Scientific Forecaster Discussion
Area forecast discussion
National Weather Service Charleston SC
705 am EST Monday Mar 2 2015
weak high pressure will persist today. A backdoor cold front will
drop south through the region tonight...then stall just south of
the area early Tuesday. The front will lift back north as a warm
front late Tuesday into Wednesday. A cold front will approach from
the northwest Wednesday night...passing through the region Thursday.
Colder high pressure will build over the area into early Saturday...
with a coastal trough to develop offshore into Sunday. Another cold
front could impact the area early next week.
Near term /through tonight/...
nearing-dawn...15c-16c air at 1500 feet above ground level this morning topping
off a huge inversion as surface temperatures were stable in the middle 40s
just about everywhere. The atmosphere through and atop the
inversion layer was saturated and widespread stratus and fog the
result across the forecast area overnight. Dense fog advisories
at daybreak with visibilities variable at times but most areas somewhere
either side of 1/2 mile.
A cloudy and cool...foggy and damp start to the day with a rather
nebulous surface pattern across the region. Given the strength of
the inversion and fog locked in this morning...we think it could
be a slow process to scour out the low clouds and fog with the
advisory in place until middle morning. A west flow in the lower
levels and an increasing downslope component ahead of a cold front
moving into the mountains is expected to finally mix-down some of
the warmer air off the deck this afternoon. 1000-850 mean relative humidity forecasts
continue to show plenty of moisture and while a lot of clearing
is unlikely...forecast soundings do support a much warmer day
across the region. Maintained general persistence with high temperatures
65 to 70 this afternoon with potential to go higher if some spots
see clouds eroding more than expected and vice-versa to the lower
side if fog and low clouds are more tenacious into the midday or
just beyond hours.
Early this evening...a backdoor cold front will advance south
into our South Carolina zones initially...then move through the
region early tonight. High pressure will wedge in the wake of the
front overnight. A weak vorticity lobe embedded within the weak
west/northwest flow aloft will interact with the front and
associated baroclinic zone/overrunning regime to produce another
round of light rains...accompanied by lowering ceilings/some
fog...especially across northern counties later tonight into
Tuesday morning. The surface front will eventually stall over or
just south of southern counties of the forecast area Tuesday
Short term /Tuesday through Thursday/...
Tuesday...another high pressure wedge will yet again be found inland
as a stationary front is situated just south of the forecast zones.
Given the lack of large scale forcing for ascent we look to
isentropic upglide on mainly the 290k and 295k surfaces to generate
chance and likely probability of precipitation...mainly to the north of I-16 in southeast Georgia.
Coverage will wane during the afternoon as the stationary front
begins to drift back north as it starts its transition into a slow
moving warm front. Depending upon when and where the front aligns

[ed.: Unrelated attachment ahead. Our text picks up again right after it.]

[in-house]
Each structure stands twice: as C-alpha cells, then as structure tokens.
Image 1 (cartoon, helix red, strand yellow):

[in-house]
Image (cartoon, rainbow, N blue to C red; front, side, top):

itself will produce a huge north to south thermal gradient...which
also has the risk for a large bust in regards to temperatures. For now we
have coolest conditions in the middle and upper 50s far north...lower
and middle 60s central zones...and 70-74 in many communities south
of I-16. Sounding profiles support at least patchy fog in the
morning...with even some light fog to linger over the coastal waters
for the afternoon as higher dew points advect in.
Tuesday night...the models might be a little too rapid in shifting
the warm front back north of the local district...and we have
trended toward a slightly slower transition. Even so...a
favorable southerly trajectory will spread across the cooler
nearby coastal waters...allowing for the development of sea fog to
advect sections east of I-95. This will blend with fog and stratus
build-down further west as the warmer and very humid air mass
moves atop the cooler grounds. Additional dense fog advisories
seem likely as a result. Temperatures will drop some in the
evening...then with increasing warm advection will hold steady or
even rise through the overnight period.
Wednesday...an extensive sub-tropical ridge will expand across the
region and this brings with it impressive warm advection within a
deep SW flow. If we went entirely with the pure low level thickness
values it supports lower 80s everywhere. But a resultant sea breeze
forms in this springlike pattern and will hold temperatures down east of I-
95. Even so we/re still forecasting upper 70s or even a few lower
80s west of I-95...with lower and middle 70s to the east. For now
we/re forecasting temperatures some 6-8f below any records. The barrier
islands will be considerably cooler given trajectories across sea
surface temperatures in the upper 40s and lower 50s. This will support a
range of some 18-20f if not more from the beaches to the warmest
interior locales. Morning fog will burn off/lift by noontime...but
will lurk near or just off the coast in the afternoon. Differential
heating boundaries and the sea breeze could spur a few afternoon
showers...but most of the day and most of US will be rainfree.
Wednesday night and Thursday...our next cold front located upstream
Wednesday night will make headway toward the region overnight...then
shifts into and through the local district Thursday. There are some